Since iOS 11, Apple has stepped into the AR revolution with the introduction of the ARKit; a set of dev tools that allow creating Augmented reality apps for iPhone and iPad devices.
While the average user might never actually use ARKit, you have at one point or the other used apps that make use of the technology and experience the results firsthand.
What is Apple’s ARKit and what does it offer?
ARKit works by placing three-dimensional images in your world using what’s called visual-inertial odometry. The built-in sensors track your world and pinpoint the device’s orientation and location relative to the scene you’re looking at.
The beauty of AR applications is that they allow you to integrate virtual content within the world around you. With ARKit, you don’t need any special hardware to run AR apps, just an Apple device with the A9, A10, A11, or higher Bionic processors. This means that if you have an iPhone 6 and above or an iPad, then you can easily run AR apps.
A practical use case for this would be the Ikea’s demo store that showcases the ability to try out various furniture within any given space. This allows you to browse their catalog and see what’s available and how it would fit within your own space.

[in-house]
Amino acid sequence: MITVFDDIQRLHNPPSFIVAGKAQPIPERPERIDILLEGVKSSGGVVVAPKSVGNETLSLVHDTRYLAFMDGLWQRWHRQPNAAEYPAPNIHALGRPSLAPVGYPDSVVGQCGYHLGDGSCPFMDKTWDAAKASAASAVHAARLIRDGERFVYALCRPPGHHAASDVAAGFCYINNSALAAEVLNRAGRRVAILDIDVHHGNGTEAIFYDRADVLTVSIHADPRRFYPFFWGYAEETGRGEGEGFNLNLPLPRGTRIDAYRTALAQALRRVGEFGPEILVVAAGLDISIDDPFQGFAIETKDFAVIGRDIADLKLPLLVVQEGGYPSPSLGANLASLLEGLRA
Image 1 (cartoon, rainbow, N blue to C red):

With the release of iOS 11.3, users are able to place virtual objects against walls and doors, as well as recognize irregularly shaped objects in the real world.
How does face detection algorithm work?
One of the key updates in ARKit 3.0 is the improvement of face detection, but before we delve into that, we must first understand what that is. Face detection is a special type of object recognition, but here, the task is to find the locations and sizes of all objects in an image that belongs to a given class (e.g., a human face).
“Face-detection algorithms focus on the detection of frontal human faces. It is analogous to image detection in which the image of a person is matched bit by bit. Image matches with the image stored in the database. Any facial feature changes in the database will invalidate the matching process”- Wikipedia
When a candidate image is presented, it is first normalized to reduce both the lighting effect caused by uneven illumination, and the shirring effect due to the motion of the head, after which each bit is then matched and processed.
How is ARKit being used for face tracking?
One of the cool new features in ARKit is the ability to track your face in real-time. This is due to the presence of the TrueDepth camera, but we will talk more on that shortly.
According to Allan Schaffer on Apple tech talks:
“ARKit turns its focus to you, providing face tracking using the front-facing camera. This new ability enables robust face detection and positional tracking in six degrees of freedom.
Facial expressions are also tracked in real-time, and your apps provided with a fitted triangle mesh and weighted parameters representing over 50 specific muscle movements of the detected face. For AR, we provide the front-facing color image from the camera, as well as a front-depth image.